The words in the third difficulty level are, indeed, more difficult than those in the first, mostly because they are longer. As such, they take longer to crawl out of your way and cost you more points, so it is more difficult to get a high score.

The Chambers of Vocab is not a great educational game. The game itself is not even entertaining enugh to serve as motivation for drill and practice. There are several things that might have made it a better game, including the choice of reasonable control keys or a joystick option, the addition of an extra word in the maze to make the last capture something other than perfunctory, and the use of a more complex maze that would offer more than one path to the goal symbol or word.

As you may have guessed, I was very disappointed by The Chambers of Vocab; somehow I expected a great deal more from a company bearings the venerable name of Reader's Digest. Trickster Cayote

A good for teaching vocabulary, at least for review and drill purposes, is the Readers Digest educational program, Trickster Cayote.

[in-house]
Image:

No one should be surprised by Reader's Digest having produced a learning game like this. For years one of the most popular features in the magazine has been "It Pays To Build Your Word power," a little game that has been subtly teaching remedial high school vocabulary to RD's readers for generations. Trickter Cayote is basically a colorful, computerized version of the same game.

The key word here is programmability. We can take the slick appearance of the high-resolution color graphics, the music, and the special effects for granted. They are not as important as flexibility in letting the teacher construct his own word lists and definitions to suit the needs of his own classroom. We shall see how this feature works in a moment.